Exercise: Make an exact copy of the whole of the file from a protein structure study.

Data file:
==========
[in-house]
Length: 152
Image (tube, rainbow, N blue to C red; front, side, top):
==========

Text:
[in-house]
Length: 152
Image (tube, rainbow, N blue to C red; front, side, top):